*Change of email address and transfer funds to external payee or accounts.
Sample fraud rules in ATM
The following are some illustrative rules/scenarios that can be captured for ATM channel:
* ATM location not matching customers profile of access.
* Same ATM card being used for transactions in geographically dispersed ATMs within a short time.
* ATM hood opening during odd hours.
* ATM cash chest opening during odd hours.
* ATM withdrawals that are higher than average for the user.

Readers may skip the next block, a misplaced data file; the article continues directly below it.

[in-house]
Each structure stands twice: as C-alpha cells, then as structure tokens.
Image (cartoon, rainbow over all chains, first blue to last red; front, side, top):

Sample rules for cross channel transaction monitoring
Increasingly cross channel fraud detection is becoming critical. Cross channel fraud detection requires the solution to have a view of transactions across different banking channels to detect fraud. This is still a nascent area though solutions that support cross channel fraud are available now. Some of the sample scenarios that can be captured using cross channel transaction monitoring:
* High value transfer through Internet banking channel and withdrawal through ATM within a short time.
* IVR based transfer followed by ATM withdrawal within a short time.